Tuesday, November 9, 2010
Carrie Oakley - an online graduate with experience as a Math Professor in an Online School - started the website OnlineColleges.org to help students find the right online school for them. OnlineColleges.org is a nonprofit resource for students considering an online college for their associates, bachelors, masters or doctorate level degree. This completely non-sponsored site provides students with honest answers to navigating the often confusing world of online colleges and universities. Today Carrie shares her views on the value of learning to write on the web.
Some people are born with an aptitude for writing; all they have to do is put pen to paper (or fingers to keyboard if we’re keeping up with the times) and the words flow without end. They’re able to bring out concisely, clearly and creatively any topic they write about, and they hone their craft by reading extensively and listening to the right kind of feedback. Others become good writers through experience and practice – their skills are raw, and even though they have the potential, they need to work off the rough edges and learn how to write effectively.It’s this second group that needs writing classes and workshops – these sessions allow aspiring writers to give form to their words; they teach them how to control their creativity and steer it in the right direction; and they teach them how to make their writing more attractive and compelling.
Online writing courses are generally not for those who prefer to interact with a group of peers and exchange ideas with their teacher and the rest of the class. However, it works well for those who:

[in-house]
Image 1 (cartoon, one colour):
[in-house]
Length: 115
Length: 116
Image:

· Are looking for flexibility in their classes because they cannot take time off to attend them on a full-time basis.
· Prefer to take the course on a one-to-one basis because they’re reticent about opening up before a group.
· Don’t want to shell out too much for a writing class; however, some online courses are as expensive as the regular ones, especially if they’re offered by reputable institutions.
· Want to sign up for classes held in locations far from where they live.
· Don’t want to commute to and from class.
Writing courses are not for everyone; whether they’re online or conducted as offline workshops, they’re meant only for those who have at least the minimum aptitude for this creative task. While you may want to be a writer, you need to know if you have it in you to become one. So before you sign up for a writing course, it’s best to assess your ability to write. You can do this by writing a short article on any topic that’s close to your heart, and asking an established writer to gauge your potential.
In general, writing courses benefit anyone who has raw talent that can be honed to good writing. For such courses to be beneficial, they must focus not just on tapping creativity, but also on language, grammar, form and content. Good writing is characterized by near-perfect language, impeccable grammar, correct spellings, and a good narrative. Established writers know not just the right words to use, but also when, where and how to use them. They know when to tone it down and when to go all out when it comes to flowery and descriptive language, and most important of all, they know how to deal with praise and criticism in their stride.
While an online writing class can get you started in honing your raw talent, only continuous practice and constant efforts serve to bring you success in this field.